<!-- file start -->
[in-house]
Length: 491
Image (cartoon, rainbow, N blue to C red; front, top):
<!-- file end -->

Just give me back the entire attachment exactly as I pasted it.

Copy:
[in-house]
Length: 491
Image (cartoon, rainbow, N blue to C red; front, top):